Austwell is a town of fewer than 150 people on Hynes Bay, where there are no restaurants, grocery stores or gas stations. The town runs on about $70,000 per year. In Harvey’s aftermath, Canales wanted to stop families from leaving, so she refused to condemn any homes despite some of her neighbors’ protests. At one point, a neighbor threatened to sue the city if it allowed one woman to replace her destroyed trailer with a single-wide mobile home.
“Some even claim that a piece of her trailer house ruined their roof,” Canales explained. “There was stuff blowing everywhere; did it have her name on it? I think not.”
In the end, the woman brought a trailer home into Austwell. But people in Bayside, a sleepy fishing and farming town of 325 people nestled on the Copano Bay, weren’t so lucky. Although town officials estimated it lost anywhere from 30 to 50 homes, they wouldn’t waive a law banning single-wide mobile homes.
Some officials argued that allowing single-wides would create financial problems in the future because the city wouldn’t bring in as much property tax revenue. Residents, however, said it was an attempt by those in power to change communities to favor wealthier homeowners and tourists rather than working families who might not be able to afford larger double-wide mobile homes.
“This is not Dallas, this is not Houston,” said Jorge Arzola, who was raised in Bayside. “This is a rinky-dink town.”
When Harvey wreaked havoc on his rental home, his wife and children moved to New Mexico, away from the brunt of future hurricanes. Meanwhile, Arzola remains in Bayside because his elderly mother still lives there – and his job mowing lawns, removing brush and fixing fences makes him happy.
But he understands why other people left, chuckling at the idea that Bayside could become a popular tourist town when there are places like Rockport, Port Aransas and Corpus Christi nearby.
“What are you paying for? Mosquitoes?” he questioned.
Sabine Wiegand echoed his sentiments. Before Harvey’s blow, four generations of her family crammed into a yellow, two-bedroom farmhouse in Bayside, just two blocks from the bay.
But when Harvey struck, Wiegand’s elderly mother didn’t have home insurance and only received $2,600 in disaster assistance from the government. Help from nonprofits was also hard to come by – the county’s disaster recovery group estimates it’s still short $4 million needed to help families rebuild.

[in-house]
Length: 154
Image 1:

For Wiegand, it seemed like selling the deteriorating home was the only option. In the early fall, the house was just one of at least two dozen offered for sale in Bayside.
“We just couldn’t fight anymore – we were tired,” Wiegand said.
Like so many other families across the nation, the Wiegands had to make a tough choice: Stay in Bayside, a paragon of small-town America. Or abandon her home and make the financial and emotional bet that moving away would provide more opportunities for her family – most importantly, for her grandchildren.
Losing her old life and home to Harvey is bittersweet. Her grandchildren, who fell behind in their classes when they transferred between three different schools, are now succeeding in a new district, one with substantially more funding in a growing neighborhood near Corpus Christi.
For the first time in her grandchildren’s young lives, they live close enough to participate in after-school programs like gymnastics and soccer.
It’s the first time in recent years their grandmother has been able to visit a grocery store or doctor’s office or run other errands without driving at least 20 minutes. She also found a new job at a nursing home, which pays substantially more than her old job as an in-home caregiver for an elderly woman near Refugio.
Still, Wiegand misses the salty breeze that carried into that yard when she watered her plants in the evenings. Most of all, though, she misses living with her elderly mother, less than a block away from her Baptist church.
But would she ever come back to Bayside?
She shook her head and sighed.
About the series
After Hurricane Harvey, obstacles to rebuilding are often hidden from those who aren’t facing them: “The mentality is ‘I’m OK, so everybody else must be OK,’” said Kim Pickens, a case manager helping people recover. Hidden in Plain Sight will explore inequality – and how Harvey exposed the gap between the people who could afford to rebuild and everyone else. This project was produced with the support of USC Center for Health Journalism’s National Fellowship and Report for America, which deploys emerging journalists in local newsrooms like the Victoria Advocate. This project is available in Spanish through a partnership with Revista de Victoria.